As science fiction film and literature became popular in the 1950s and the space race kicked off, outer space became quite a hip subject for novelty-tinged rock & roll records. The Ultimate 50's Rockin' Sci-Fi Disc gathers no less than 20 of them, mostly of the rockabilly persuasion, though some more hillbilly-leaning discs make their way into the program too. Billy Lee Riley & His Little Green Men's "Flying Saucer Rock & Roll" is the only track here to have achieved reasonably wide renown, and even that wasn't exactly a big hit. So a shortcut to commercial success outer space-themed rockabilly was not, but the mini-genre did leave behind a good share of infectiously fun and silly music. Much early rock & roll was infectiously fun and silly, yes. But what's here is yet sillier, with exuberant if slightly generic boppers about boogying with Martians, being the first man on Mars, rocket trips, rocking on the moon, and even catching, as Paul Perryman tells it, "Satellite Fever, Asiatic Flu." These frenetic odes are sometimes topped off with wiggly simulated outer space noises that are far more dated than the music itself. Inviting sociopolitical contextual analysis is probably the last thing these demented space cowboys had in mind, but it's striking how -- contrary to the paranoid dread of alien monsters in so many films and comics of the time -- these fellows seem positively over the moon at the prospect of meeting outer space creatures. It's that celebratory vibe that made a small contribution toward counteracting the Cold War doomsday view of extraterrestrial life, and makes this charming if somewhat trivial listening today. On a more sober note, it would have been nice if the original release dates and labels had been posted for these rarities somewhere on the package.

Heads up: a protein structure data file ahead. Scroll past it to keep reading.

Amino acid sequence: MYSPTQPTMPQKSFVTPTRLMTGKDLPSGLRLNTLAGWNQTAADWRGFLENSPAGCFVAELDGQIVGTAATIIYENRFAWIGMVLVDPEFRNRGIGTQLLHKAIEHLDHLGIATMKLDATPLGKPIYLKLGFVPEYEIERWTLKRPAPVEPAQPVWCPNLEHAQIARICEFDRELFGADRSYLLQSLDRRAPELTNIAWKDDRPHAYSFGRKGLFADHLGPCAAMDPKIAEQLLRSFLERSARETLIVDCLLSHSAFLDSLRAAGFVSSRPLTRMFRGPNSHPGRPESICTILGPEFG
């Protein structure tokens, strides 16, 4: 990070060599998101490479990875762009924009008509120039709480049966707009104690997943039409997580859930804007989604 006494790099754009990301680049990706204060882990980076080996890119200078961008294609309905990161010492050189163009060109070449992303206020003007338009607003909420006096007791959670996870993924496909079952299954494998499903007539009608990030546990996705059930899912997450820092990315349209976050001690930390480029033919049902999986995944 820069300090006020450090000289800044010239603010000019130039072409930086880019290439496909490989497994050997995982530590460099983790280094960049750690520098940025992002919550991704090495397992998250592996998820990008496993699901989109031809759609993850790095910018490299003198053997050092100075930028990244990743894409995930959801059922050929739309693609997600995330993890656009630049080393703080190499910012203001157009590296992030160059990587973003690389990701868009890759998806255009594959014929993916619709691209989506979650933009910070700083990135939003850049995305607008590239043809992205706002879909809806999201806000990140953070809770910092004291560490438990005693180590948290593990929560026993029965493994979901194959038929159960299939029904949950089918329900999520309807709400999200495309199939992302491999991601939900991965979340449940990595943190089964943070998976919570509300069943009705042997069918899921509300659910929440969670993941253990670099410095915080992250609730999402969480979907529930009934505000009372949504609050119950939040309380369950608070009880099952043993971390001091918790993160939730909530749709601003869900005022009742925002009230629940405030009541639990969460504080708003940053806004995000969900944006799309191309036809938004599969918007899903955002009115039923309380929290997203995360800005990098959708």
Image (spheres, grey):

Share this page
AllMusic Review by Richie Unterberger